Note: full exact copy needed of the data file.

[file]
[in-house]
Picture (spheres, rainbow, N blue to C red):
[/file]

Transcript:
[in-house]
Picture (spheres, rainbow, N blue to C red):